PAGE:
The Great Pumpkin: Surprising Health Benefits of Fall's Power Food

Sahar Aker
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Did you know pumpkins are 90 percent water? And that they're a fruit? How about that pumpkin flowers are edible?

In fact, fall's orange gourds probably have way more health benefits than you think. And now that the nearly year-long pumpkin shortage is over, it's time to dig in!

In the old days, pumpkins were recommended for removing freckles and curing snake bites. Now, they make a yummy facial: Real Housewives star, Bethenny Frankel, has created a pumpkin mask to pamper and hydrate your skin.

Way back when, Native Americans used pumpkin seeds for food and medicine to treat things like digestive problems. Now, we mainly roast the pepitas and eat them as they are or grind them up and use them in recipes for things like pumpkin seed pesto.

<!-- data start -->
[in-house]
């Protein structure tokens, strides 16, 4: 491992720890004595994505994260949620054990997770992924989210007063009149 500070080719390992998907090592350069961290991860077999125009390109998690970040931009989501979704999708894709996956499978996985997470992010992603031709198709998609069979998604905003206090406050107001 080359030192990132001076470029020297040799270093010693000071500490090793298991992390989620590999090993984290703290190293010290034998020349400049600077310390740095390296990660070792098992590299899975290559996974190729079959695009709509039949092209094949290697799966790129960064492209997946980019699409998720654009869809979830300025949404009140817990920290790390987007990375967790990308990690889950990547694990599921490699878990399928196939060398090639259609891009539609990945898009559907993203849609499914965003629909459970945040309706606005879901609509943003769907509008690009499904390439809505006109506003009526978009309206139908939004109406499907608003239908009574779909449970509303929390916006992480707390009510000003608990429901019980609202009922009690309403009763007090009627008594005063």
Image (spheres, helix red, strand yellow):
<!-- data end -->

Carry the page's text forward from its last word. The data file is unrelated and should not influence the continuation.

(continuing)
But the nutrients haven't changed over the years -- and there are plenty.

Pumpkins are loaded with the antioxidant beta-carotene. This can reduce the risk of some cancers and protect against heart disease. They're also high in fiber, potassium, and magnesium to help keep your body running in tip-top shape.

In early colonial times, gourds (and their nutrients) were used to their fullest. This year, let's take a cue from our ancestors and see how much you can get out of that pumpkin.

One idea for inspiration: The sugary empty calories of graham crackers were not around back then, so colonists used the actual pumpkin in the crust of pies instead. Now that the pumpkin shortage is over, you should be able to get your hands on an extra can to give this technique a try.

 

Image via Shutterfool/Flickr


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